In December last year, I stopped work on all of my research projects. The following week, I compromised with myself and said no primary research (reading archival documents) or writing for the next month, only secondary source reading. I had one conference paper to present at the end of January, so for the week leading up to that, I got back into the swing of things slowly and wrote a 2,500 word paper, but nothing more. For a co-authored piece that needed revising, I asked my co-author to take the lead. I said no to working on a project with a colleague that had an interim deadline of February 2018 (then a major deadline of June). I declined a request to submit an article for a special issue.
For me, this was really hard. A combination of a slightly obsessive personality and the academic culture of ‘publish or perish’ had meant that for nearly decade, I had been unable to switch off. Thinking, researching, writing, publicising, engaging – every waking hour saw academic research creep into my consciousness. Over the past few years, I had been, for all intents and purposes, quite prolific in my field (history), with books, edited collections, articles and book chapters published as both single author and co-authored pieces.
However, my employment was precarious. A series of longer and shorter fixed-term contracts, as well as bouts of casual teaching and research work, meant that I had had to publish profusely in order to be competitive, while doing work for others, writing job applications and sometimes working outside of academia in a 9-to-5 job. This means that except for a 3-year window, all of my research over the past decade had been done in my own time. This is, of course, on top of all the normal life stuff, such as family and friends. During this time, my very understanding partner and I had two children and moved three times.
My experience is far from unique. Informal discussions with my colleagues in Australia, as well as overseas, has revealed that the pressures of publishing and maintaining an active research profile, while at the same time working casually or in a fixed-term position, are felt by many. Overwork by those in precarious work and at the edges of academia is very much the norm.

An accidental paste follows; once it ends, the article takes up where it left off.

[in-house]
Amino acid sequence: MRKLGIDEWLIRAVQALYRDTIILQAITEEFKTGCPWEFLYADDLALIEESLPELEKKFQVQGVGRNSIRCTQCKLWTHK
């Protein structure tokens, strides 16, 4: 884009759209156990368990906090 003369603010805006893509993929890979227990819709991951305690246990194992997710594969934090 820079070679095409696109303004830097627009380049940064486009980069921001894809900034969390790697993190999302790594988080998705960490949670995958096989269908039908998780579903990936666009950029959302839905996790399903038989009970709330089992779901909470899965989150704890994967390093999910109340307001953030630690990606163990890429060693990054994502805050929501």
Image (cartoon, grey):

And it comes as a huge price for those experiencing this, as well as academia as a whole. For many, the pressure, the anxiety and the relentlessness of it is too much. Burnout and disillusionment is a regular occurrence for many of those academics not in permanent employment. While some kind of permanency doesn’t absolve academics of all the pressures they face, those working in casual or fixed-term employment are amongst the most vulnerable.
For my own mental health, I resolved myself to saying no to things and pushing back against both internal and external pressures to publish. However this culture is not something that individuals can overcome by themselves. Institutional pressures may be internalised by the individual, but the solution can’t just be personal resilience. We must recognise that overwork and the compulsion to constantly be working is pervasive within academia. Furthermore, it is those at the margins of academia who are possibly most likely to be unable to resist these compulsions, especially if the outputs of this overwork are held up as desirable for permanent employment. In no way do I put any blame for this on the individual – overwork and the internalisation of this culture is not their fault. There’s enough to feel bad about without the burden of feeling that you need to just absorb the pressure.
Nothing I have written above is new and I certainly don’t have the solutions to this. A discussion of overwork and the pressures on early career researchers and other academics in precarity seems to be emerging in academic circles, particularly after the USS strike in the UK. I just thought I’d publicise my own story and my own struggle with overwork and the internalisation of the ‘publish or perish’ mentality. The more we talk about these issues, the more we can talk about their solutions.
Solidarity with my precarious comrades!
3 responses to “Precarity and overwork in academia”
Thanks for referencing the USS dispute in the UK. It started (and remains) a dispute over pensions / defined benefits. But it has been fuelled by the visible unfairness in how staff are rewarded & contracted.
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